Trinity College continued to own the building until 1940 when it sold it, together with five acres, thirty six poles of land to Norman Alfred Poole of Bedford, Arthur Thomas Snowden of Luton and Percy Leonard Howe of Bedford for £900 [WB/WF4/1/1]. Howe sold his interest to the other two for £350 in 1943 [WB/WF4/1/1] and they sold it to Joyce Noreen Tinsley of Clapham for £4,800 in 1946 [WB/WF4/1/1]. She sold part of the land the following year [WB/WF4/1/2]. By 1987 Nancy Smith was owner and occupier; she died in that year and her executors sold The Barns to Whitbread & Company Plc [WB/WF4/1/4]. The sale catalogue [WB/WF4/1/5] states: “The Residence is understood to date in part from the early Seventeenth Century, bearing the date 1630, with later additions. It was converted into four self-contained flats during the 1950s”.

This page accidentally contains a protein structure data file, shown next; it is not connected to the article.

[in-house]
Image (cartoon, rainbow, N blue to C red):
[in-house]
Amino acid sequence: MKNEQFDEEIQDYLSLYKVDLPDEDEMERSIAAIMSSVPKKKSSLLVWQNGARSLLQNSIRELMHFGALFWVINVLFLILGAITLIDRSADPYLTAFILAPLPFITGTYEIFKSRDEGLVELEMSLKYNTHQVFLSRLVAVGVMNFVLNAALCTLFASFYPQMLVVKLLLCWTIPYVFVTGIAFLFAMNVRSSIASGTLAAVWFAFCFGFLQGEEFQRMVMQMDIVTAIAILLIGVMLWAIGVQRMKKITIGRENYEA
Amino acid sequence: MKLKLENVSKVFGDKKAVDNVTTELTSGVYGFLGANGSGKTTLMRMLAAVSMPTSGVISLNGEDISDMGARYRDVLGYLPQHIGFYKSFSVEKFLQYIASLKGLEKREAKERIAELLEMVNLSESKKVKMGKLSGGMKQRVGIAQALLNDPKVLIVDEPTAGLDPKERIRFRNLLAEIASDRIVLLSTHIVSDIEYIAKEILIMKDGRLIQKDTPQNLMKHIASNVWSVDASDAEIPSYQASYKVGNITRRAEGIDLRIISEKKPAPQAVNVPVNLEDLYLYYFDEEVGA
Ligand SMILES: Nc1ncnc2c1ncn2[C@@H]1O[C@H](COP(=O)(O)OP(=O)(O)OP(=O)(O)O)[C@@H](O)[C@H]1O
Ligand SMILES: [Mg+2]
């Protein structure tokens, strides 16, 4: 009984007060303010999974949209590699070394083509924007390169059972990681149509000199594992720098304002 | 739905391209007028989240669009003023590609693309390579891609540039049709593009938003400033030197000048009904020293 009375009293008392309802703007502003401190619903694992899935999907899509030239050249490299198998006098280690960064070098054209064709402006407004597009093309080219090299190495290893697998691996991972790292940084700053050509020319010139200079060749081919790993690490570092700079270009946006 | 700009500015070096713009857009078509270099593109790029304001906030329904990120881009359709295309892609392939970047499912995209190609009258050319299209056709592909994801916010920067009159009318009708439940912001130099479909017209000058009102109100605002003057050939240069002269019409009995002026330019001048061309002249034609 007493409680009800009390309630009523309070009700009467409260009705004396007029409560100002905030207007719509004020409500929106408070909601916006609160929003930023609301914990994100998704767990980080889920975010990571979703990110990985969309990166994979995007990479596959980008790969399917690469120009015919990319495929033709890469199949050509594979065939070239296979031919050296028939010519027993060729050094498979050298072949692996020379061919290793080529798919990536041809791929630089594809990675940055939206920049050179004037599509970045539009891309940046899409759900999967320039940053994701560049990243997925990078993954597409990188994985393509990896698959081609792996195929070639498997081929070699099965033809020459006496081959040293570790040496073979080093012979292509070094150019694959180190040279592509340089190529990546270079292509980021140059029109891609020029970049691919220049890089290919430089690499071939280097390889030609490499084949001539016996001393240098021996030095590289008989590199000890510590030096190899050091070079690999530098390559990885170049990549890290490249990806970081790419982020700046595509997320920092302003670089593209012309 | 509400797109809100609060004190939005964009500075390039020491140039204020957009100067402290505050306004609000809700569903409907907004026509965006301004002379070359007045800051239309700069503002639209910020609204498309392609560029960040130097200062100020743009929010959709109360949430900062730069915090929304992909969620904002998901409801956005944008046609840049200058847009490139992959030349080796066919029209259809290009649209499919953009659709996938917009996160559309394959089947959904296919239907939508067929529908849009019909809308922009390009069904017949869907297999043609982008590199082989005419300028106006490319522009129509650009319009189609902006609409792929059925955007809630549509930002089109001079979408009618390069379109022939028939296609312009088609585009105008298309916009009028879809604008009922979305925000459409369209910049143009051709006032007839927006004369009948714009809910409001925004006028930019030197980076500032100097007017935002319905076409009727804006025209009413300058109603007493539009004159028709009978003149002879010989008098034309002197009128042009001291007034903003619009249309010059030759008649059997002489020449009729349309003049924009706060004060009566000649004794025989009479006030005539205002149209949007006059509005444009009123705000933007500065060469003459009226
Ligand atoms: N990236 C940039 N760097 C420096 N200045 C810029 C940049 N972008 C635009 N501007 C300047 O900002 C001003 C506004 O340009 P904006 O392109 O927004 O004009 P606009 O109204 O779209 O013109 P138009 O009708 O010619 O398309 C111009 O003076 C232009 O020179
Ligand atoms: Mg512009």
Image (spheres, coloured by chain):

The four flats were described as follows. The first flat was on the ground floor to the east. It comprised: a reception hall measuring 15 feet 3 inches by 9 feet 9 inches with a fireplace; a living room measuring 21 feet 11 inches by 19 feet 6 inches with an inglenook fireplace and built-in window seat; an inner hall measuring 13 feet 8 inches by 8 feet 2 inches; a bedroom measuring 18 feet 9 inches by 10 feet 5 inches with a fireplace and two built-in cupboards; a cloakroom with w. c.; a passageway to a bathroom; a kitchen measuring 11 feet 8 inches by 9 feet 4 inches with sink and gas water heater; a walk-in pantry measuring 8 feet by 5 feet 5 inches and a second bedroom measuring 16 feet 10 inches by 11 feet 2 inches with a bay window overlooking the river and a brick fireplace. A covered passageway led from the kitchen to two store places, a w. c. and a pump room measuring 11 feet 8 inches by 5 feet 5 inches with a pump for supplying well water.